Andy Murray emerged from a champagne celebration of his first Grand Slam triumph and immediately set his sights on becoming the world No1.
Roger Federer, who has 16 more Slam titles than Murray, holds that lofty position but the Swiss master will recognise that, having ended Britain’s 76-year wait to match Fred Perry’s 1936 victory in New York, the Scot is now a fully-fledged member of the game’s elite.
Murray knows he must match Federer’s consistency to become No1 but it is a realistic target after his historic 7-6, 7-5, 2-6, 3-6, 6-2 US Open final defeat of Novak Djokovic, a player he first faced as an 11-year-old.
This time they looked across the net on the biggest court in tennis and it was Djokovic, a former No1 and winner of five Slams, who had to give way in an epic battle lasting six minutes shy of five hours.
Murray, up to No3 in the rankings, can now plan his assault on more Grand Slam titles in an era of four outstanding players completed by the injured Rafael Nadal.
Murray, who at 15 went to train in Spain on Nadal’s advice, believes by removing a huge millstone from his neck he can try to be as successful as Perry, an eight-times major winner.
Who knows, he may even receive a knighthood having joined Sir Chris Hoy as a Scottish sporting icon.
Since he succeeded Tim Henman as British No1 Murray has endured endless questions about whether he would win a Grand Slam. So what does it feel like to have finally ended the wait?
“It’s something that hasn’t happened for a long time in our country and I’m proud that I managed to achieve it, and I don’t have to get asked that stupid question again,” Murray said.
“I never got to meet Fred Perry but I’m sure he’s smiling from up there that someone has finally managed to do it from Britain. I just hope I can see another British player in my lifetime win a Grand Slam.”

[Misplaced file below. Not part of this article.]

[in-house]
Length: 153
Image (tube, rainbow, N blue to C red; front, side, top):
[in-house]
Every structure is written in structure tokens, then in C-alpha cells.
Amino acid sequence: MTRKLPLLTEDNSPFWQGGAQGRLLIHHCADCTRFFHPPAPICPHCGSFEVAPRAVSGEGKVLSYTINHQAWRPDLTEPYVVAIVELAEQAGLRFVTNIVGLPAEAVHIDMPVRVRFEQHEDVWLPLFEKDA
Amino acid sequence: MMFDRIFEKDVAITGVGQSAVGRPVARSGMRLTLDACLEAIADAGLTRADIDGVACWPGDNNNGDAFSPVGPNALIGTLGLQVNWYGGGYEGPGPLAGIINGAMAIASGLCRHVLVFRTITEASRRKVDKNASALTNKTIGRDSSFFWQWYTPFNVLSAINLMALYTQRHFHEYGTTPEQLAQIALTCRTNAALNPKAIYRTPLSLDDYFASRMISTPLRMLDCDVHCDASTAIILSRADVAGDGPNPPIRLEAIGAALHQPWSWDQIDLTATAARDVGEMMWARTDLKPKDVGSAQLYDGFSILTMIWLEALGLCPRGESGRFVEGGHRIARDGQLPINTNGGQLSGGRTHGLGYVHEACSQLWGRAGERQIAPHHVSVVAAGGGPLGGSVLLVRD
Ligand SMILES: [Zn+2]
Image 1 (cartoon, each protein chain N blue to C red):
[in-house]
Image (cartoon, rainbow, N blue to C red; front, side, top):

Murray will have a short break before starting his training programme with coach Ivan Lendl for the upcoming Asia series of tournaments.
Lendl, who like Murray lost four Slam finals before winning his first, has been a key addition to Team Murray and will keep his player’s feet on the ground.
Murray said: “Once you get near to the top of the game, one of the goals is to try to get to world No1.
“I can’t say this year it’s possible for me to do it because I didn’t have a particularly good clay court season and I didn’t do well in the Masters Series in Cincinnati and Montreal and also in Indian Wells.
“I had too many losses early in those tournaments but making No1 is the next step and to do that I need to be consistent throughout the whole year. It’s something Novak and Roger and Rafa have done incredibly well over the last few years.” Murray has also been coached by Mark Petchey, Brad Gilbert, Alex Corretja and Miles Maclagan and admits he was his own worst enemy before Lendl came along last December. He said: “I always listened to my coaches but I was very immature sometimes on the court. I have tried to improve that side of things.
“Now, I’ve proved I can win the Grand Slams and if I get into situations like this in the future I won’t be having all the doubts that I was having before this match. I was thinking, ‘If I lose this one, no one’s ever lost their first five finals.’ I didn’t want to be that person.
“I’ll be a little more confident because I’ve learned not to doubt myself physically and mentally from now on. I’m sure that will have a positive impact in the future. I saw all of the guys in the locker room afterwards and Ivan just said, ‘I’m proud of you. Well done.’
“We had a hug and then someone sprayed champagne all down my back and over him. That kind of ended it because Ivan started swearing.
“Ivan has definitely helped me and I have enjoyed working with him. I have listened to him a lot and, for any player, having him in your corner would be a big bonus.
“He was one of the most successful tennis players of all time and I’m sure it gave a little boost to his ego that I won after just nine months with him.Yes, I cried a little bit on the court. But it isn’t because you’re sad — you’re incredibly happy. It was in a little bit of disbelief because when I’ve been in that position many times before and not won, you do wonder if it is ever going to happen for you. I am relieved to have got over that last hurdle.”
Djokovic, winner of this year’s Australian Open, was gracious in losing his US Open crown and predicted more Grand Slam titles for this friend.
The Sebian world No2 said: “Any loss is a bad loss and I am disappointed but he deserved to win this Slam having lost four finals and I want to congratulate him and I am happy for Andy. I gave it my all and that is always the goal.
“I was struggling in the fifth and all I could do was go for my shots — it worked and I won last year but that’s sport.”